Emancipation Facilities include: Arrowhead Emancipation, California Family Life Center, Ettie Lee Homes, Inc., Journey House, Leroy's Boys Home, Masada Group Home, Optimist Boys' Home, Pacific Lodge, St. Anne's Maternity Home, Trinity - Corona, Trinity - El Monte. The Emancipation Group Home facilities provide practical job training and assistance to current and former foster care children. These services are directed toward helping them live on their own. They learn life skills, job training, and are provided housing assistance thru these programs.
Sexual Identity Programs
For children with sexual identity issues, these facilities include Children's Therapeutic Comm, Glass, Inc. Penny Lane.
For children with a developmental disability, the Regional Center is a good resource. To qualify, the child must be diagnosed prior to the age of 18 and must have, one of the following disabilities: Mental Retardation (IQ below 70), Cerebral Palsy, Autism, Epilepsy, or other conditions similar to mental retardation (borderline IQ, but the child exhibits signs or symptoms related to mental retardation.)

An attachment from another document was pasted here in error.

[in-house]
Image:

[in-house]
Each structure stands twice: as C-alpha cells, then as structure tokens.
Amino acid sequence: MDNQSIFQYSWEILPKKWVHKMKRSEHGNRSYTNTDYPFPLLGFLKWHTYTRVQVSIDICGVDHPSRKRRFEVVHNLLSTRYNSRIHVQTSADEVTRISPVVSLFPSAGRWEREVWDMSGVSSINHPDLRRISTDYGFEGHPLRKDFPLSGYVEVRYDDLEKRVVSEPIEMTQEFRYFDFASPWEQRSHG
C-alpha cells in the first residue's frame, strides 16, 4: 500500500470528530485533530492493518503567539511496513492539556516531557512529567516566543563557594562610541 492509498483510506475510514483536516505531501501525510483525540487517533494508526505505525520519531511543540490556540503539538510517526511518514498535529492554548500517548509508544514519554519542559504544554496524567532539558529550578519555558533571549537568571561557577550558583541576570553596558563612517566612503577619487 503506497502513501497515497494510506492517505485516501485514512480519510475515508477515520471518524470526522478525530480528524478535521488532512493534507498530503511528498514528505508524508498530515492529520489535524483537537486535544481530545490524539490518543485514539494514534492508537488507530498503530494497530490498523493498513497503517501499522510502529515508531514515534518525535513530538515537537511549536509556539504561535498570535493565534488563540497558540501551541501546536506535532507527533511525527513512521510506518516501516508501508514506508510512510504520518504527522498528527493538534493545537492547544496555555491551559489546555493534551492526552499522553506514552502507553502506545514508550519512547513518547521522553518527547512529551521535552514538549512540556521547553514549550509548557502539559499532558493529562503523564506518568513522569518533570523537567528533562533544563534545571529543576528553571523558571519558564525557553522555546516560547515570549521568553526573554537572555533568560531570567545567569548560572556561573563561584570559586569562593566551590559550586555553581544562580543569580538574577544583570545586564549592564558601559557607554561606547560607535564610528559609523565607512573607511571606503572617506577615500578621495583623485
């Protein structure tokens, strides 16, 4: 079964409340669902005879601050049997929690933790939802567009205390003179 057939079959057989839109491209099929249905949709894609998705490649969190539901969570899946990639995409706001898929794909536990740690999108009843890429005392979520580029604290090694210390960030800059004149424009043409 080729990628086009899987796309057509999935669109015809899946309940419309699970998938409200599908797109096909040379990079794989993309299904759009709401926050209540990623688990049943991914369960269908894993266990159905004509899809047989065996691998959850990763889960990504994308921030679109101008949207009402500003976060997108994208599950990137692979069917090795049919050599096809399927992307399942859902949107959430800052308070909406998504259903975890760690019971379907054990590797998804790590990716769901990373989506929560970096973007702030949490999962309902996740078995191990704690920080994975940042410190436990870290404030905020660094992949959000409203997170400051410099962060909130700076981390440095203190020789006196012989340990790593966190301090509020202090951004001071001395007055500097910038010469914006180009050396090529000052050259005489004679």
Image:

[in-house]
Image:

Documents needed to make a referal are (1) a Pre-Plea Dispo Report, IEP, and a Psychological Evaluation to include IQ testing, DSM Diagnosis - Axis I -V.) In addition, the child's disability must continue or is expected to continue indefinitely and constitutes a substantially for the child. Substantially disability means significant functional limitation in three or more of the following areas of life activity: self care, receptive and expressive language, learning, mobility, self direction, capacity of independent living, economic self sufficiency. The Regional Center does not consider other handicapping conditions that are solely physical in nature, solely psychiatric in nature and solely learning disabilities. There are approximately 21 Regional Centers in California. Regional Center helps plan, obtain, coordinate and monitor services and supports that are needed because of a developmental disability.